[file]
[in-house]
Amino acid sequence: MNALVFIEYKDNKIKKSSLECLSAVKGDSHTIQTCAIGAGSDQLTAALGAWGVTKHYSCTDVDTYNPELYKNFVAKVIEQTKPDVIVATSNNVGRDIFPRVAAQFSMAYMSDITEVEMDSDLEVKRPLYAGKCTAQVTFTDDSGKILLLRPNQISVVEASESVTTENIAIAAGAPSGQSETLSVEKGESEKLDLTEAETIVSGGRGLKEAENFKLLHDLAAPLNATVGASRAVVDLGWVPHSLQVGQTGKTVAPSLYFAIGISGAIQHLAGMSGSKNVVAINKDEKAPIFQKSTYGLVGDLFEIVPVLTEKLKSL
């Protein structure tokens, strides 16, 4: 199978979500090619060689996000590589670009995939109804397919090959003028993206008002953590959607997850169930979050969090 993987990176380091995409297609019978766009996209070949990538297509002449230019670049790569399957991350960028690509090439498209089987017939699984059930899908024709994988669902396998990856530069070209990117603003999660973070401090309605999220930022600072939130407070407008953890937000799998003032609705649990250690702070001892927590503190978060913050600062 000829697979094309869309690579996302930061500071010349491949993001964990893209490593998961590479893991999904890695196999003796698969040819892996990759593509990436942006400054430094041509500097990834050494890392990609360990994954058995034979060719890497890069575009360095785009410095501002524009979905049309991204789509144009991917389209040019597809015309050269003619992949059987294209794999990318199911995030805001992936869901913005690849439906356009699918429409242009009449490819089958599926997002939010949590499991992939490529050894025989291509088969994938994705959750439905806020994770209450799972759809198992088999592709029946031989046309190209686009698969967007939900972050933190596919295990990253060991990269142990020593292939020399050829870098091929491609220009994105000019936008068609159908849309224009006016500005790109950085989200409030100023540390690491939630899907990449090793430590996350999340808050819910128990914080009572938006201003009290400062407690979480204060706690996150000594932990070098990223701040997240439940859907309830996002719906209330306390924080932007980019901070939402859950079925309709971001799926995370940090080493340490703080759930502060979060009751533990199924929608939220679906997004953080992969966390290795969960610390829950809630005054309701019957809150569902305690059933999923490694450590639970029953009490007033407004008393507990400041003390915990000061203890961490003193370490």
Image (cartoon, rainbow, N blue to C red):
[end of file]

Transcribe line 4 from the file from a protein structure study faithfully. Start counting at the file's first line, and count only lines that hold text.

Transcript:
Image (cartoon, rainbow, N blue to C red):